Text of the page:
The United States, Australia and the United Kingdom signed a new security agreement this week on access to nuclear submarines. Twelve submarines to be built in France led France to a planned deal with Australia if they did not leave.
read more: France: New deal “stabbing in the back”
As a result, French President Emmanuel Macron on Friday decided to call on the country’s ambassadors from the United States and Australia for consultations.
Australia defends this decision
In July, Australian Prime Minister Scott Morrison announced that he was behind the “full” agreement, but believed that Jean-Yves Le Drian violated the “sense of cooperation” between France and Australia.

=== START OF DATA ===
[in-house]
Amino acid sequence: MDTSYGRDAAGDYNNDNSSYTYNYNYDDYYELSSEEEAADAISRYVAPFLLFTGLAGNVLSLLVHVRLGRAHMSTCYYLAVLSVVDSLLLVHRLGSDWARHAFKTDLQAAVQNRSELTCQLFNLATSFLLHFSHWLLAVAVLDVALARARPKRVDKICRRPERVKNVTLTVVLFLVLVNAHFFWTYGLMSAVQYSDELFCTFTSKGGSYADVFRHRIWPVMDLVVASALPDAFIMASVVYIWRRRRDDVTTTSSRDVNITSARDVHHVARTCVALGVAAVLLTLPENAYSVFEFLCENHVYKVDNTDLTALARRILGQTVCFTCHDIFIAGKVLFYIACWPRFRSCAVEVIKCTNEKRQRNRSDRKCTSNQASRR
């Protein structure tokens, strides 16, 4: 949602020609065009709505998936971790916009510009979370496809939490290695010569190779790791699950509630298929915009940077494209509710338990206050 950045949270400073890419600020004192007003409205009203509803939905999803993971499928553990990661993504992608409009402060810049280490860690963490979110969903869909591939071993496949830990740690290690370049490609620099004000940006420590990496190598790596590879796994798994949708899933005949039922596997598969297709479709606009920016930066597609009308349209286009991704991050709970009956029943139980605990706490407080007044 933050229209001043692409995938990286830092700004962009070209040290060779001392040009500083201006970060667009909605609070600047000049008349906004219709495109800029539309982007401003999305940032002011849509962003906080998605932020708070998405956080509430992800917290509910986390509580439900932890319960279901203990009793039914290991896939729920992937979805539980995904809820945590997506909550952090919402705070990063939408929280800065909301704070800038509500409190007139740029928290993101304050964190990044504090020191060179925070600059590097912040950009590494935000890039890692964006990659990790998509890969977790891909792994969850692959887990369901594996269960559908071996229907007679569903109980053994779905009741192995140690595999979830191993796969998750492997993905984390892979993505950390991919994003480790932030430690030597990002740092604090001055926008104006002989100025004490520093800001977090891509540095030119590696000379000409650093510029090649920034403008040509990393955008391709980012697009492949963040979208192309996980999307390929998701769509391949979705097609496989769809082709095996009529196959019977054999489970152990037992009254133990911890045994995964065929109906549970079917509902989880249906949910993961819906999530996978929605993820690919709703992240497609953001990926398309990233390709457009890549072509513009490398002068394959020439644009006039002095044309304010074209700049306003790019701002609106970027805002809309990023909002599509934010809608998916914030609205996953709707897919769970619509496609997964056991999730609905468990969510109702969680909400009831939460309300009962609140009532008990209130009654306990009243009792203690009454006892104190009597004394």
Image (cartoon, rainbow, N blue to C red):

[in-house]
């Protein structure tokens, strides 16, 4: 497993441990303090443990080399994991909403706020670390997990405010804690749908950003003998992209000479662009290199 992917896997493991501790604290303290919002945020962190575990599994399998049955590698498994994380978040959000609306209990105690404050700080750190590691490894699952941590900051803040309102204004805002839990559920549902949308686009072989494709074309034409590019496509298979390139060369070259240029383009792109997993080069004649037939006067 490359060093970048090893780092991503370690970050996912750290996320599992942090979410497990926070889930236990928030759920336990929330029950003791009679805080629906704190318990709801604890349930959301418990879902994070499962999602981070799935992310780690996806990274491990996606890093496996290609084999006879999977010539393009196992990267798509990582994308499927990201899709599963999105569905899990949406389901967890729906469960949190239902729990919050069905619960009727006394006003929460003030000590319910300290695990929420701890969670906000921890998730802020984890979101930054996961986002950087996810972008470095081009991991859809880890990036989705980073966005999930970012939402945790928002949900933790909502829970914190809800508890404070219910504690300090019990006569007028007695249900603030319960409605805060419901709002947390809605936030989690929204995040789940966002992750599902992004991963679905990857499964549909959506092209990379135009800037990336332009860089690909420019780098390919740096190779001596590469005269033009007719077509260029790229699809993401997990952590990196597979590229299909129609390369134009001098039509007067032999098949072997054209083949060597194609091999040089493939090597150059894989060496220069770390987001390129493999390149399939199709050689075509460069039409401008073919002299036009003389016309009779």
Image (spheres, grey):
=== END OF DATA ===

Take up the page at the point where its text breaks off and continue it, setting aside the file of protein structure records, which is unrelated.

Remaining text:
“We have established a trusting relationship with Australia and this trust has been betrayed,” Jean-Yves Le Trian told the radio channel France Info.
read more: British, US and Australia in defense agreement
However, Australian Defense Minister Peter Dutton supports the decision.
“In the end, we made a choice based on what is best for our country from a security perspective,” he said in a statement on Thursday.
The now-defunct deal should have been equivalent to SEK 315 billion when it was announced in 2016.
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